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The Undercover Economist

Exposing Why the Rich Are Rich, the Poor Are Poor--And Why You Can Never Buy a Decent Used Car!

By Tim Harford

(54)

| Hardcover | 9780195189773

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Book Description

An economist's version of The Way Things Work, this engaging volume is part field guide to economics and part expose of the economic principles lurking behind daily events, explaining everything from traffic jams to high coffee prices.
The Un Continue

An economist's version of The Way Things Work, this engaging volume is part field guide to economics and part expose of the economic principles lurking behind daily events, explaining everything from traffic jams to high coffee prices.
The Undercover Economist is for anyone who's wondered why the gap between rich and poor nations is so great, or why they can't seem to find a decent second-hand car, or how to outwit Starbucks. This book offers the hidden story behind these and other questions, as economist Tim Harford ranges from Africa, Asia, Europe, and of course the United States to reveal how supermarkets, airlines, and coffee chains--to name just a few--are vacuuming money from our wallets. Harford punctures the myths surrounding some of today's biggest controversies, including the high cost of health-care; he reveals why certain environmental laws can put a smile on a landlord's face; and he explains why some industries can have high profits for innocent reasons, while in other industries something sinister is going on. Covering an array of economic concepts including scarce resources, market power, efficiency, price gouging, market failure, inside information, and game theory, Harford sheds light on how these forces shape our day-to-day lives, often without our knowing it.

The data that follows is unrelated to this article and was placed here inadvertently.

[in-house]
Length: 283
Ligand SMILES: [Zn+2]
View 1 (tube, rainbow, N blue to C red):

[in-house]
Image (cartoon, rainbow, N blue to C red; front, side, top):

Showing us the world through the eyes of an economist, Tim Harford reveals that everyday events are intricate games of negotiations, contests of strength, and battles of wits. Written with a light touch and sly wit, The Undercover Economist turns "the dismal science" into a true delight.

96 Reviews

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  • 1 person finds this helpful

    Tim Harford tiene una columna en el Financial Times, "Dear Economist", traducida hace un tiempo en Italia por el famoso periodico Internazionale. De allí, descubrí el interesante blog del autor en el que él se divierte en explicar problemas cotidiano ...(continue)

    Tim Harford tiene una columna en el Financial Times, "Dear Economist", traducida hace un tiempo en Italia por el famoso periodico Internazionale. De allí, descubrí el interesante blog del autor en el que él se divierte en explicar problemas cotidianos propuestos por los lectores en clave económica, en el estilo de Dubner y Levitt (Freakonomics).
    Pues, cómo pasa a menudo en estos casos, el libro ha sido una decepción: la columna se queda ganadora respecto al libro (que en concreto no es una recopilación de los artículos) que se pierde en divagaciones y desperdicia las ideas originales y a veces geniales del autor.

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    Bakis said on May 4, 2014 | Add your feedback

  • 1 person finds this helpful

    Divertente testo divulgativo di economia di Tim Harford, editorialista del Financial Times.
    (riprendo con minime varizioni una recensione dal mio blog http://www.robertosedda.it/?p=687)

    È un libro che spiega in termini economici le cose banal ...(continue)

    Divertente testo divulgativo di economia di Tim Harford, editorialista del Financial Times.
    (riprendo con minime varizioni una recensione dal mio blog http://www.robertosedda.it/?p=687)

    È un libro che spiega in termini economici le cose banali della nostra vita quotidiana, tipo perché il caffé negli aereoporti è uniformemente cattivo ma costa il doppio del bar sotto casa, perché c’è sempre un ingorgo in centro a mezzogiorno, perché le sedi delle banche hanno portoni di bronzo, perché la CocaCola spende milioni di dollari in pubblicità insignificante e perché non esiste un oggetto come una buona macchina usata.